Do blind and sighted persons differ in how they process social information from the voice?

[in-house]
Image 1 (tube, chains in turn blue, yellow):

The human voice plays an important function in social communication beyond language. Nonverbal parameters such as voice pitch and vocal tract resonances can reliably indicate a speaker’s age, sex, and body size, and are associated with various psychosocial traits. Although listeners are highly consistent, systematic, and often accurate in their voice-based assessments of other people, the mechanisms that drive this capacity remain unknown. In a series of experiments on congenitally blind, early-blind, late-blind and sighted adults, we tested whether voice-based assessments of trustworthiness, warmth and competence develop in the absence of visual experience, and whether vision is necessary to calibrate accurate estimates of body size from the voice. The results of this research convincingly suggest that vision is not a necessary prerequisite for stereotypical or accurate voice perception. This capacity may be present at birth or may be learned via broader cross-modal correspondences. Our findings further suggest that, although blind persons appear to possess ‘supra-normal’ auditory processing capabilities for low-level tasks such as pitch discrimination or for the processing of linguistic information, these advantages may not generalize to the processing of nonverbal, and highly socially relevant vocal cues.